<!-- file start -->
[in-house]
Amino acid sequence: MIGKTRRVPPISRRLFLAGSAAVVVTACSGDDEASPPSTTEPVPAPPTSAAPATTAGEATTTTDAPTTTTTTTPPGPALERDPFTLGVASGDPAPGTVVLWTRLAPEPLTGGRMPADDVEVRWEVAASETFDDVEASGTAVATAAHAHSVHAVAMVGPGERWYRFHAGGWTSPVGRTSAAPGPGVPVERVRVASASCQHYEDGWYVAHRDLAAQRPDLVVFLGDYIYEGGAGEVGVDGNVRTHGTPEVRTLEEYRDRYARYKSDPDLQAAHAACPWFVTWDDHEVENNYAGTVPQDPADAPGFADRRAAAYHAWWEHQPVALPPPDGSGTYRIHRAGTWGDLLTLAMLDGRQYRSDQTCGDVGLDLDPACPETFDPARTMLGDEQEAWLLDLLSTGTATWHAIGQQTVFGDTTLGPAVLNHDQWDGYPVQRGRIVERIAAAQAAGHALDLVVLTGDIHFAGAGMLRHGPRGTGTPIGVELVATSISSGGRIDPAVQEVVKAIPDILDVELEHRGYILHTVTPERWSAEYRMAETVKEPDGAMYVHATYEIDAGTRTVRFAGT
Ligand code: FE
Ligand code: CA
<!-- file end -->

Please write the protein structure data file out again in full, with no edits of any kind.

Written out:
[in-house]
Amino acid sequence: MIGKTRRVPPISRRLFLAGSAAVVVTACSGDDEASPPSTTEPVPAPPTSAAPATTAGEATTTTDAPTTTTTTTPPGPALERDPFTLGVASGDPAPGTVVLWTRLAPEPLTGGRMPADDVEVRWEVAASETFDDVEASGTAVATAAHAHSVHAVAMVGPGERWYRFHAGGWTSPVGRTSAAPGPGVPVERVRVASASCQHYEDGWYVAHRDLAAQRPDLVVFLGDYIYEGGAGEVGVDGNVRTHGTPEVRTLEEYRDRYARYKSDPDLQAAHAACPWFVTWDDHEVENNYAGTVPQDPADAPGFADRRAAAYHAWWEHQPVALPPPDGSGTYRIHRAGTWGDLLTLAMLDGRQYRSDQTCGDVGLDLDPACPETFDPARTMLGDEQEAWLLDLLSTGTATWHAIGQQTVFGDTTLGPAVLNHDQWDGYPVQRGRIVERIAAAQAAGHALDLVVLTGDIHFAGAGMLRHGPRGTGTPIGVELVATSISSGGRIDPAVQEVVKAIPDILDVELEHRGYILHTVTPERWSAEYRMAETVKEPDGAMYVHATYEIDAGTRTVRFAGT
Ligand code: FE
Ligand code: CA